WORKS: Symphony No. 5 in C minor
PERFORMER: Kyung-Wha Chung (violin); Vienna PO/Simon Rattle
CATALOGUE NO: CDC 5 57165 2
This recording of the Fifth Symphony, made live in the Musikverein last December, is not actually part of the eagerly awaited Beethoven cycle from Rattle and the Vienna Philharmonic, but serves as an intriguing taster for it.
On the face of it, Rattle, with his iconoclastic dynamism, his experience with period instruments and his eye for scholarly detail, is worlds apart from the VPO, which under certain other conductors still plays the Classical repertoire with serene indifference to historical practice. The confrontation is a fruitful one, however, and the players respond to Rattle’s hypercharged sense of urgency with a performance of white-hot intensity, the final March bursting with irrepressible energy.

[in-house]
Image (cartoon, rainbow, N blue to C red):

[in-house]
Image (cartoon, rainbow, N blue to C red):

Abbado’s recent set with the Berlin Philharmonic, also using Jonathan Del Mar’s new edition, is the obvious point of comparison. Abbado’s Fifth is more measured, Rattle’s more volcanic (perhaps too much for some). Carlos Kleiber’s classic recording has both unstoppable energy and magisterial authority.
Kyung-Wha Chung sounds a slightly reticent soloist in the Brahms Violin Concerto, partly because of microphone placement (she is surely too recessed to make maximum impact with her opening flourish). It is a beautifully crafted performance, however, with phrases lovingly caressed, and refined, homogenous orchestral accompaniment from the VPO.
Nathan Milstein’s intelligent, also sweetly phrased 1954 account has just come back on EMI’s Great Recordings of the Century, but there are also fine modern readings to be considered, notably that of Vengerov and Barenboim on Teldec. Vengerov is disappointingly prosaic in the decorated line of the Adagio, however, whereas Anne-Sophie Mutter live with Masur on DG has everything: rock-steady technique, the ability to let a lyrical line take wing and an incomparable sense of fantasy and imagination.